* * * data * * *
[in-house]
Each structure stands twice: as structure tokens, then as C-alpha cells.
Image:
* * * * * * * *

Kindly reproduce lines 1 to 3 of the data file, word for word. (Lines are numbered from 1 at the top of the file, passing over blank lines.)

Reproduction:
[in-house]
Each structure stands twice: as structure tokens, then as C-alpha cells.
Image: